|Dr. Michael E. Raynor of Deloitte Research.|
iKC, sponsored by Master Your Card Missouri, is excited to spotlight Dr. Michael E. Raynor as the keynote speaker during this year’s innovation and entrepreneur conference on June 20, 2012. Dr. Raynor started his career as a consultant, but quickly discovered his passion for research and innovation. This realization led Raynor to the Harvard Business School where he focused on becoming a professor. But as many creative thinkers and innovators know, career paths are not always straight ones. Dr. Raynor took on a hybrid position with Deloitte LLP’s research arm, Deloitte Reseach, which has proved both fruitful and ever-changing.
But Dr. Michael Raynor is so much more than just a high-level consultant. He’s a husband, a father, a best-selling author, an investor, an innovator. Raynor can speak to a wide range of individuals at iKC—from the budding entrepreneur to the high-power investor—because it seems as if Raynor has been everywhere and done it all.
Dr. Raynor will present a keynote speech titled The Innovator’s Manifesto: Deliberate Disruption for Breakthrough Growth at iKC on June 20, 2012 at the H&R Block World Headquarters in downtown Kansas City. The keynote will focus on the emerging rules of successful innovation and will speak to investors, entrepreneurs, managers and corporate M&A’s alike.
“My idea is that we worry about innovation processes rather than the substance of good ideas because we do not yet know what really good ideas truly look like,” Raynor says. “In my research I’ve tried to tackle the question of innovation as scientifically as I can, and I believe I’ve got some interesting progress to report.”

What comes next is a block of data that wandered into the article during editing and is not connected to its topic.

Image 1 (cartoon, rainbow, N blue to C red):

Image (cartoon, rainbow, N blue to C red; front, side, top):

According to Raynor, entrepreneurs and innovators far too often swing blindfolded at a piñata, hoping that they get a good whack. But why swing blindfolded when a much more deliberate approach to ideas and innovation exists? That’s what The Innovator’s Manifesto keynote is all about.
“Getting the right process in place is difficult, but conceptually straight-forward, rather like training for a marathon,” he says. “You know what to do to prepare for it, but not everybody does it because it’s hard. Similarly, we’ve tried everything to make innovation easy, believing that somehow if we find the right management process, the good ideas will emerge automatically. I think a different approach is needed, one that focuses on the defining attributes of good ideas, independently of how they were created.”
iKC attendees now have the chance to learn what makes for a great idea – one that is systematically more likely to success. Listen to Dr. Raynor live at iKC on June 20, 2012—purchase your ticket today.
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